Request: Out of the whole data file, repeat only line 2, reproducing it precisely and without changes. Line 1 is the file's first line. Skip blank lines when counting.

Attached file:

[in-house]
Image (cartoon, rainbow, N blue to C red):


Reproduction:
Image (cartoon, rainbow, N blue to C red):